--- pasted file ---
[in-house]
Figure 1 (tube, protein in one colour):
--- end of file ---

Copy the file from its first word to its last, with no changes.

[in-house]
Figure 1 (tube, protein in one colour):